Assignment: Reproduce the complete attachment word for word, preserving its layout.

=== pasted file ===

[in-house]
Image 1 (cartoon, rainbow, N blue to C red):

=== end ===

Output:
[in-house]
Image 1 (cartoon, rainbow, N blue to C red):